08/29/11 The vacuum calls
08/22/11 Passion and politics: How Barack Obama and Mitt Romney got crowded into the same dangerous corner
08/15/11 Eleanor's little village
08/08/11 The agony of August
08/01/11 The politics of the impossible: What a country this might be if the political class served the broad interests of the majority
07/25/11 Pennant fever grips 'Burgh
07/18/11 Exemplar of an era
07/11/11 On summer
07/04/11 The soul of the party
06/27/11 What the Secretary said
06/20/11 Romney has big advantages over his rivals, but they will be coming after him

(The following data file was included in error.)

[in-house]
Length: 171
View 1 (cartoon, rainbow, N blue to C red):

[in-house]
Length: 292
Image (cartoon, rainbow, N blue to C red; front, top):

06/06/11 One question each
05/30/11 The 14-week challenge
05/23/11 Delay tactics
05/16/11 Republicans are waiting
05/09/11 Bin Laden is dead. What does it mean?
05/02/11 From nobodies to nominees
04/25/11 The founders left slavery for future generations to settle, and we still haven't fully come to terms with it
04/18/11 From audacious to cautious
04/11/11 Dreaming of space
12/12/10 The GOP takes control
12/06/10 DECEMBER 7
11/29/10 GOP presidential hopefuls already are lining up local supporters in what is now a red state
11/22/10 Burning down the House
11/15/10 Institutions of higher learning are finally beginning to teach important lifeskills
11/04/10 The war has just begun
11/01/10 Echoes of a speech 40 years ago this week still resonate today
10/25/10 50 years ago America chose between two men who were dramatically different --- and eerily similar





© 2011, The Pittsburgh Post-Gazette. Distributed by Universal Uclick, as agent for UFS.